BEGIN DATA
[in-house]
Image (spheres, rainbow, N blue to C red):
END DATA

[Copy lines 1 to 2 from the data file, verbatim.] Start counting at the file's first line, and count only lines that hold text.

[in-house]
Image (spheres, rainbow, N blue to C red):